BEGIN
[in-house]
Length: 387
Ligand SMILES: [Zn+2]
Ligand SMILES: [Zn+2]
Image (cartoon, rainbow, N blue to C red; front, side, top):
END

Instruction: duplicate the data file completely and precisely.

[in-house]
Length: 387
Ligand SMILES: [Zn+2]
Ligand SMILES: [Zn+2]
Image (cartoon, rainbow, N blue to C red; front, side, top):